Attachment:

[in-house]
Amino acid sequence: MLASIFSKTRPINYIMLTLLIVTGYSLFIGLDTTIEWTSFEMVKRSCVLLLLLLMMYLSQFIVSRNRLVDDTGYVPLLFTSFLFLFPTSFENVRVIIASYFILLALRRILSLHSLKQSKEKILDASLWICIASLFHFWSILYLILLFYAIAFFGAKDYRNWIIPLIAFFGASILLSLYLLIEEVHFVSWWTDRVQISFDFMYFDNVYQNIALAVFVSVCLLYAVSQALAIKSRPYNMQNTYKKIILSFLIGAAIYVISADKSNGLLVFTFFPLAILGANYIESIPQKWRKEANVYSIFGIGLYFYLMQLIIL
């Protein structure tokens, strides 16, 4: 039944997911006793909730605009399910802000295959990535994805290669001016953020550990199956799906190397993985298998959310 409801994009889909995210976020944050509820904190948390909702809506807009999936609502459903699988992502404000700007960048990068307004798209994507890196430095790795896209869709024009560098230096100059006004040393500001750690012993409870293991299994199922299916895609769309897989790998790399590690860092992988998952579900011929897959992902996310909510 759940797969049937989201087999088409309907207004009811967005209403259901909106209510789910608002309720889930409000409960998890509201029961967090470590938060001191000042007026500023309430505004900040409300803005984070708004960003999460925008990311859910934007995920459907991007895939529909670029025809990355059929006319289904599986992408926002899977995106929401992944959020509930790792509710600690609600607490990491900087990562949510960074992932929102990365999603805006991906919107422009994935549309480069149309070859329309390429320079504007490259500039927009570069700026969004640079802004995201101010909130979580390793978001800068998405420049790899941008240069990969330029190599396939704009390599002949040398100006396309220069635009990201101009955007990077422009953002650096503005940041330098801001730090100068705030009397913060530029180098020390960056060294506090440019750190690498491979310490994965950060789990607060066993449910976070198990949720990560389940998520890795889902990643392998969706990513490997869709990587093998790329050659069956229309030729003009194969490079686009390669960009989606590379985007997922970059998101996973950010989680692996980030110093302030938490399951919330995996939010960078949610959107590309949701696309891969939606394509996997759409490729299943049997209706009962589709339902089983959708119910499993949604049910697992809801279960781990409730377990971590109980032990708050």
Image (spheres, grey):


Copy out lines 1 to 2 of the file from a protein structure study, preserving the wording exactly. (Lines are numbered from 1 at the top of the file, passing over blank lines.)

[in-house]
Amino acid sequence: MLASIFSKTRPINYIMLTLLIVTGYSLFIGLDTTIEWTSFEMVKRSCVLLLLLLMMYLSQFIVSRNRLVDDTGYVPLLFTSFLFLFPTSFENVRVIIASYFILLALRRILSLHSLKQSKEKILDASLWICIASLFHFWSILYLILLFYAIAFFGAKDYRNWIIPLIAFFGASILLSLYLLIEEVHFVSWWTDRVQISFDFMYFDNVYQNIALAVFVSVCLLYAVSQALAIKSRPYNMQNTYKKIILSFLIGAAIYVISADKSNGLLVFTFFPLAILGANYIESIPQKWRKEANVYSIFGIGLYFYLMQLIIL